EX-SAC Fund Manager Who Aided Insider Probe Avoids PrisonPatricia Hurtado
The former SAC Capital Advisors LP fund manager who told investigators it was “understood” employees had to supply inside information to succeed at the firm was spared a prison term because he helped prosecutors.
Noah Freeman’s cooperation in the probe was “extraordinary,” said U.S. District Judge Jed Rakoff in Manhattan. His testimony helped prosecutors convict Winifred Jiau, a former expert-networking consultant with Primary Global Research LLC.
Rakoff called insider trading “a sophisticated form of cheating” and said the government couldn’t prosecute such cases without the aid of cooperators because traders go to great lengths to hide their crimes. Freeman, who pleaded guilty to securities fraud and conspiracy in February 2011, could have faced as long as 57 months in prison.
“The very nature of insider trading makes it impossible to prosecute without cooperators,” Rakoff said. “What ultimately tips the balance toward no jail time is the very substantive, if not extraordinary aid he has given.”
Freeman, who once managed a $300 million portfolio of technology stocks at the hedge fund founded by Steven Cohen, spoke at length with the FBI in late 2010, providing them with information on at least a dozen people who were doing illicit trading. He also admitted committing insider trading while working at Sonar Capital Management, where he worked prior to joining SAC.
Assistant U.S. Attorney Harry Chernnoff said Freeman helped the government build a case against SAC Capital and provided evidence to investigators that led to the convictions of six people.
Freeman also agreed to record conversations with Donald Longueuil, a former colleague at SAC and the best man at his wedding. Freeman provided information on another close friend, Samir Barai, a fund manager and founder of Barai Capital Management, the U.S. said. Barai and Longueiul pleaded guilty.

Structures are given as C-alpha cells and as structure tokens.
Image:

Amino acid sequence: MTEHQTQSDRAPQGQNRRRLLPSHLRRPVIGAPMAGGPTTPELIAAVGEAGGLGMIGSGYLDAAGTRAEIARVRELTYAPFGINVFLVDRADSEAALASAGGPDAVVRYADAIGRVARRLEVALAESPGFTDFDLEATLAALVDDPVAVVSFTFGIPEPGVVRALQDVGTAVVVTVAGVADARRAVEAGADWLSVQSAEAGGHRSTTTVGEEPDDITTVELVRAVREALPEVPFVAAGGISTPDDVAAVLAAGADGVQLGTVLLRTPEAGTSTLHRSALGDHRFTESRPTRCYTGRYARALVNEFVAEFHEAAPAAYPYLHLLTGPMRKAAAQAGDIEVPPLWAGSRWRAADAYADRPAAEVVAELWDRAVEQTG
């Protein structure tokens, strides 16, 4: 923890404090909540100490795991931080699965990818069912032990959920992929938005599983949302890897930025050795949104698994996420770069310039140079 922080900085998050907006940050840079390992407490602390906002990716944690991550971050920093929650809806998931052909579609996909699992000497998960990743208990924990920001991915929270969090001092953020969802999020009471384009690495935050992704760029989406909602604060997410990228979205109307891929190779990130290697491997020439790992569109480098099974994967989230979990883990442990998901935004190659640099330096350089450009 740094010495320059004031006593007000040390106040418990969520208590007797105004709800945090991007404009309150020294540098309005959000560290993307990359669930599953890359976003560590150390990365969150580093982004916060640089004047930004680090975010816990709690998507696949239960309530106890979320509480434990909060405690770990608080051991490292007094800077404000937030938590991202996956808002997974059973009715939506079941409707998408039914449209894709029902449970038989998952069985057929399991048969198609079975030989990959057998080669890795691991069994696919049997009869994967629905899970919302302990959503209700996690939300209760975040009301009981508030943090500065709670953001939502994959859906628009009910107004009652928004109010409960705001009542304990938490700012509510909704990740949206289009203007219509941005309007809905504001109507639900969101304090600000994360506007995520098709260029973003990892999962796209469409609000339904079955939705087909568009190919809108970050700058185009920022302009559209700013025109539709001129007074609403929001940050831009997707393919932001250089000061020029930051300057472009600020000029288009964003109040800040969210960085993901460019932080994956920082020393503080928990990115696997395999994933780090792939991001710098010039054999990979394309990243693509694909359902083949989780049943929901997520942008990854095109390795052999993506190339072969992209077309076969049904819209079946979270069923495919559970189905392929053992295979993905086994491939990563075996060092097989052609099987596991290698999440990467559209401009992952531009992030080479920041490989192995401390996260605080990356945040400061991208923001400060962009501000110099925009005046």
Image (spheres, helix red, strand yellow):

SAC pleaded guilty in 2013 and paid a record $1.8 billion fine to resolve U.S. claims over insider trading. It changed its name to Point72 Asset Management LP and agreed to manage only Cohen’s money. Cohen wasn’t charged with wrongdoing.
“At SAC Capital you were expected to provide your trading ideas to Cohen,” Freeman said, according to a Dec. 16, 2010, memo written by FBI Special Agent B.J. Kang. “Freeman and others at SAC Capital understood that providing Cohen with your best trading ideas involved providing Cohen with inside information.”
In the government’s case against the Stamford, Connecticut-based firm, the U.S. said Freeman was one of eight ex-SAC fund managers and analysts who prosecutors said relied on illegal tips.
During Jiau’s trial, Freeman said he, Longueuil and Barai paid her about $10,000 a month for tips and gave her gifts, including iPhones, Cheesecake Factory gift certificates and deliveries of live lobsters. Jiau used the gifts to bribe other technology company employees to give her information, the U.S. said.
Jiau was found guilty in 2011 of leaking tips about technology companies, helping Freeman and two other fund managers earn millions of dollars. She was sentenced to four years in prison.
As part of his sentence, Rakoff also ordered Freeman to forfeit $181,000. In 2011, the judge ordered Freeman to disgorge more than $833,000 to settle related SEC insider-trading allegations.
The case is U.S. v. Freeman, 11-cr-161, U.S. District Court, Southern District of New York (Manhattan).